Paul Michaud wrote a post here a couple of days ago on the challenge of allowing offline usage in a Saas based system. In his comprehensive discussion, he used the example of a Saas based contact management system and the complexities involved in allowing users to take their data, manipulate it offline, and then synchronise it all back up to the Cloud again.
A challenge it certainly is, even for a (dare I say it) simple system such as contact management. This reminds me of a long and convoluted discussion we had amongst our development team and clients here last year over trying to create a Cloud based ERP system which allowed offline access. Here was our ‘perfect world’ scenario:
The entire company would run their accounting system in ‘the Cloud’, with users scattered across various locations being able to use a web browser on any sort of PC or operating system to update customers, suppliers, stock and invoices. In addition, field sales agents could download a copy of the inventory database to their laptops, or even smartphones, and be able to create invoices for customers whilst sitting in their offices or warehouses. No need for expensive wireless or roaming data connections.
Sounds simple? We thought so too, initially. Until we started to analyse the workflow in more detail. Consider the following scenario:
2. Salesman A decides to download the inventory database (including current stock levels) to his laptop and go out to a customer site.
3. On customer site, Salesman A enters an invoice for 25 Widget Z’s for his customer. This invoice is allocated number 1235.
4. Meanwhile, back in the office, the rest of the sales team are still entering invoices. They entered another 5 during Salesman A’s absence, so the current invoice counter is 1239.
5. Salesman A returns to the office, only to find that when he tries to sync his data back to the main system, that he is told invoice 1235 already exists. Even worse, he finds out that one of the other invoices generated in his absence has sold the last of Widget Z’s in stock, and he will have to wait a week for the back order to arrive.
So, how do we resolve this issue with several incrementing invoice numbers? Here are some of the ideas we tossed around:
1. Have a separate incrementing range for each salesperson that went offline. For example, in the above scenario, Salesman A could have his own invoice number range that started at 2000 and kept incrementing. There will still be a collision though, when the Cloud invoice numbers reach 2000. Perhaps we could start him at 20,000? What happens if you have hundreds of offline salespeople? There will be incredible gaps in your invoice number range and I wish your debtors accounts manager the best of luck trying to reconcile that mess. Not to mention the confusion of the customer getting a statement with wildly varying invoice numbers all over the place.
2. Renumber the offline invoices as they are being synced back to the Cloud. That would be fine, however we were hoping that the sales team could print and give their customers the invoice whilst still in the field. Nothing will irritate your customer more than to get a statement with totally different invoice numbers to the physical invoices he/she has in front of them. We also had a synchronisation issue when two or more field team members were trying to sync at the same time, while someone was in the middle of entering an invoice in house. Messy.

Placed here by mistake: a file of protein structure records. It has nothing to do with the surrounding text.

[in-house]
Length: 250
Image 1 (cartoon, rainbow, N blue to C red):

3. Generate pseudo-unique invoice numbers each time to minimise collisions. This meant that invoice numbers were huge, GUID like monstrosities that were impossible to try and remember or communicate. We wanted to keep our invoice numbers down to 6 or so digits, which severely limited the probability of generating a unique one each time. Plus, we had the same difficulties with trying to reconcile a non-linear numbering sequence at the end of the month.
The above issues only deal with the sole problem of generating invoice numbers. We haven’t even scratched the surface of the other problem highlighted above, which was of not having real time inventory counts. There was nothing preventing a salesperson from selling items that were in stock when he left the office, but were sold out in his absence. Once again, should we:
1. Place a portion of inventory items ‘on hold’ to prevent anyone in the office selling them whilst they were ‘checked out’ by the salesperson? Not really feasible, and it would throw your JIT inventory management out of kilter severely – even if we weighted the hold quantities depending on what that salesperson’s usual customers bought.
2. Deliberately lower the inventory count on the salesman’s offline database to prevent ‘overselling’. This also defeated the goal of most of the salespeople trying to move ‘end of life’ products or deliberately clearing out stock.
So you can see here, that when you start to look at real world applications in the Cloud, the issue of offline access is certainly not a simple one. It requires deliberate planning, careful execution, and sometimes just the ability to say “No, we can’t do that” and move on, much to our chagrin.
I am incredibly lucky to have smart colleagues here at CloudAve, as well as smart readers who ‘get’ Cloud Computing. Do any of you have an inspirational solution that we have missed when it comes to the above issues? If so, I would love to hear about it in the comments.
(Guest post by Devan Sabaratnam)